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Hospitalists Stand Up at AMA and in D.C.

This is a tangible way that SHM can work with the government and its contractors as pilot programs are funded and developed to improve healthcare at the local level.

SHM: We’re Here for You

The healthcare landscape is changing before our eyes. Whether pay for performance or chronic care improvement or a reworking of the compensation system for healthcare, it’s important that hospital medicine be part of the discussion and decision-making process.

In the near future more than 30,000 hospitalists will practice nationwide, and virtually every hospital will have a hospital medicine program. Hospitalists will be asked to shape and implement the changes that are coming our way. This is our future, and with your help SHM will help you make it a better place for hospitalists, other health professionals, and the patients we serve. TH

Dr. Wellikson has been the CEO of SHM since 2000.

Letter from SHM to the AMA

June 13, 2005

John Nelson, MD


American Medical Association


Dear Dr. Nelson:

The Board of Directors of the Society of Hospital Medicine (SHM) and I strongly oppose the resolution based on Board of Trustees Report 19 that will be heard before the AMA’s House of Delegates later this week.

SHM represents more than 12,000 hospitalists nationwide who are engaged in delivering high-quality inpatient care as well as research, teaching, and leadership related to hospital care. Hospitalists are predominantly young physicians with an average age of 37, and their numbers are projected to exceed 30,000 in the next decade. SHM surveys show that 88% of hospitalists are internists, 9% are pediatricians, and 3% are family practitioners. Hospital medicine is now an important career choice for graduates of these training programs.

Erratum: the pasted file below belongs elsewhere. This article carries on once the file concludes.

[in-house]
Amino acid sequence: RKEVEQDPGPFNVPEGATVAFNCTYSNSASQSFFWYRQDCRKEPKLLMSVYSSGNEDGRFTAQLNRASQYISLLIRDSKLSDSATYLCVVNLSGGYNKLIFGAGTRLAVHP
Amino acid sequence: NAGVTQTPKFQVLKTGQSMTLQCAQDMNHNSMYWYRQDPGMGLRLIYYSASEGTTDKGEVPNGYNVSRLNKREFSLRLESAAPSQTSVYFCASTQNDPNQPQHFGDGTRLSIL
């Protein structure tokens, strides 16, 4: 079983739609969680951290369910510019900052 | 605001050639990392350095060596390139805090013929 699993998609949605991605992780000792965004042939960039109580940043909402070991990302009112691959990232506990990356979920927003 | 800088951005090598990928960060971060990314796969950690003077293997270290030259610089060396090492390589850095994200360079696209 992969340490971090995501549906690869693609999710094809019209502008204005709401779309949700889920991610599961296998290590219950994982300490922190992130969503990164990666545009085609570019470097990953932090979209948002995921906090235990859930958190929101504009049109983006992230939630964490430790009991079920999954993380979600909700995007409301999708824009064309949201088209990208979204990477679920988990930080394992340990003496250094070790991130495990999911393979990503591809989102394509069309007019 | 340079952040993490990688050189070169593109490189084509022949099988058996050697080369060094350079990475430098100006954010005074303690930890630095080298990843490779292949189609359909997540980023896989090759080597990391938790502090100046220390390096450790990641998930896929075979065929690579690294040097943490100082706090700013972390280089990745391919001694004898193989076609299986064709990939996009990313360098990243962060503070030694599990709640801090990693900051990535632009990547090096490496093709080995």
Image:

The resolution calls for the development of legislation that prohibits lay corporations, including hospitals, from directly employing physicians. SHM studies show that 34% of hospitalists are employed by hospitals and another 10% of hospitalists are employed by hospital medicine management companies. Hospitals often employ or support many different types of physicians including pediatricians, neonatologists, intensivists, emergency medicine physicians, obstetricians, anesthesiologists, pathologists, or radiologists. This is necessary to deliver sufficient care, especially in rural hospitals.

Arguments that physicians employed by corporations or hospitals are always adversely influenced in how they treat patients is false. In fact, numerous studies prove that hospitalists improve quality and patient satisfaction:

Studies in the Annals of Internal Medicine, JAMA, and elsewhere show that hospitalists can improve quality.

—Studies at many hospitals demonstrate that hospitalists improve patient satisfaction as well as the satisfaction of referring physicians.

Primary care physicians, surgeons, and subspecialists increasingly are asking their hospitals to bring hospitalists onto their medical staffs to improve care. Because of the competition for the limited number of hospitalists in the face of the growing need, because of the lower reimbursement for what hospitalists accomplish in improving hospital care, and because hospitalists provide significant uncompensated care (multiple visits in one day, taking patients out of the emergency department), hospitals have had to employ hospitalists to develop successful programs. Enactment of legislation based on the AMA Board of Trustees Report 19 would make it much more difficult for a hospital to attract and retain hospitalists on its medical staff.

I hope you will share our concerns with Reference Committee B.

Thank you for the opportunity to provide the SHM perspective. I hope we can quickly establish a dialogue about the deleterious effects that action on the Board of Trustees Report 19 will have. As are other members of SHM’s leadership, I am available to discuss this further at your earliest convenience.


Larry Wellikson, MD, FACP

CEO, Society of Hospital Medicine

cc: Jim Rohack, MD, AMA chairman of the board

Mike Maves, MD, AMA executive vice president

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